Citations are extracted by the CitEc Project, subscribe to its RSS feed for this item.
    as in new window

    Cited by:
    1. Barbara Annicchiarico & Fabio Di Dio & Francesco Felici, 2014. "Fiscal devaluation scenarios: a quantitative assessment for the Italian economy," Working Papers 1, Department of the Treasury, Ministry of the Economy and of Finance.
    2. Joel Slemrod, 1994. "Free-Trade Taxation and Protectionist Taxation," NBER Working Papers 4902, National Bureau of Economic Research, Inc.
    3. David Bradford, 2003. "Addressing the Transfer-Pricing Problem in an Origin-Basis X Tax," CESifo Working Paper Series 997, CESifo Group Munich.
    4. Joanna Piotrowska & Werner Vanborren, 2008. "The corporate income tax rate-revenue paradox: Evidence in the EU," Taxation Papers 12, Directorate General Taxation and Customs Union, European Commission, revised Oct 2008.
    5. Cnossen,Sijbren, 2002. "Tax policy in the european union, A review of issues and options," Research Memorandum 023, Maastricht University, Maastricht Research School of Economics of Technology and Organization (METEOR).
    6. Gourdon, Julien & Monjon, St├ęphanie & Poncet, Sandra, 2014. "Incomplete VAT rebates to exporters : how do they affect China's export performance?," Economics Papers from University Paris Dauphine 123456789/13784, Paris Dauphine University.
    7. Michael Keen & Murtaza H. Syed, 2006. "Domestic Taxes and International Trade," IMF Working Papers 06/47, International Monetary Fund.
    8. Frenkel, Jacob A & Razin, Assaf, 1987. "Fiscal Policies and the World Economy; An Intertemporal Approach (Cambridge, Mass.: MIT Press, 1987)," MPRA Paper 20438, University Library of Munich, Germany.
    9. David F. Bradford, 2004. "The X Tax in the World Economy," NBER Working Papers 10676, National Bureau of Economic Research, Inc.
    10. Reto Schleiniger, . "Consumption Taxes and International Competitiveness in a Keynesian World," IEW - Working Papers 042, Institute for Empirical Research in Economics - University of Zurich.
    11. Sijbren Cnossen, 2002. "Tax Policy in the European Union: A Review of Issues and Options," CESifo Working Paper Series 758, CESifo Group Munich.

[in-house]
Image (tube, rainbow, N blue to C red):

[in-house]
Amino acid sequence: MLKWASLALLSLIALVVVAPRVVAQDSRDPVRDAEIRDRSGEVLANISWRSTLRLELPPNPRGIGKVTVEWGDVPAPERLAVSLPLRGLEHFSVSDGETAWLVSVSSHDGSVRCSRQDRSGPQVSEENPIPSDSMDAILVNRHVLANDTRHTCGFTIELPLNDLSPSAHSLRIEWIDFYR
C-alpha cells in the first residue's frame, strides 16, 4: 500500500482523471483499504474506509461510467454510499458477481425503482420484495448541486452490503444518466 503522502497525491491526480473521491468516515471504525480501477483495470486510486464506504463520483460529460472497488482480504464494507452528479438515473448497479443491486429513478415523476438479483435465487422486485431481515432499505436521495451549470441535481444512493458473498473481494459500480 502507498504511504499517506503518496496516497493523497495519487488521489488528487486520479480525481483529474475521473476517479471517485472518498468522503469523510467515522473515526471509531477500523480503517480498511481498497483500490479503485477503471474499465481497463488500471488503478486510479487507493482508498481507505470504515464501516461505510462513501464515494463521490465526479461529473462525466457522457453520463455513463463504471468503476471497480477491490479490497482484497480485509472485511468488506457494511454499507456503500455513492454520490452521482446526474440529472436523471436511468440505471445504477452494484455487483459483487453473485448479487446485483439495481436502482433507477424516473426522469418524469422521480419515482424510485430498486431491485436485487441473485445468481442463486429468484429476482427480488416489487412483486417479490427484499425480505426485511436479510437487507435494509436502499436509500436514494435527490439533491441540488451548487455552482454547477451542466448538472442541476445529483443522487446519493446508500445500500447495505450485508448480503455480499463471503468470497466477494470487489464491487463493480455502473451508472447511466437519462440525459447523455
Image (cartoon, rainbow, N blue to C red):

12. John Mutti & Harry Grubert, 1996. "The Significance of International Tax Rules for Sourcing Income: The Relationship Between Income Taxes and Trade Taxes," NBER Working Papers 5526, National Bureau of Economic Research, Inc.
    13. Chandra, Piyush & Long, Cheryl, 2013. "VAT rebates and export performance in China: Firm-level evidence," Journal of Public Economics, Elsevier, vol. 102(C), pages 13-22.

    Lists

    This item is not listed on Wikipedia, on a reading list or among the top items on IDEAS.

    Statistics

    Access and download statistics

    Corrections

    When requesting a correction, please mention this item's handle: RePEc:nbr:nberch:7211. See general information about how to correct material in RePEc.

    For technical questions regarding this item, or to correct its authors, title, abstract, bibliographic or download information, contact: ().

    If you have authored this item and are not yet registered with RePEc, we encourage you to do it here. This allows to link your profile to this item. It also allows you to accept potential citations to this item that we are uncertain about.

    If references are entirely missing, you can add them using this form.

    If the full references list an item that is present in RePEc, but the system did not link to it, you can help with this form.

    If you know of missing items citing this one, you can help us creating those links by adding the relevant references in the same way as above, for each refering item. If you are a registered author of this item, you may also want to check the "citations" tab in your profile, as there may be some citations waiting for confirmation.

    Please note that corrections may take a couple of weeks to filter through the various RePEc services.